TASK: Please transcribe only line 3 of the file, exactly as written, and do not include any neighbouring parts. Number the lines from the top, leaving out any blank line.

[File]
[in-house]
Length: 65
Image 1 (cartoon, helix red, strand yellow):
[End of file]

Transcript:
Image 1 (cartoon, helix red, strand yellow):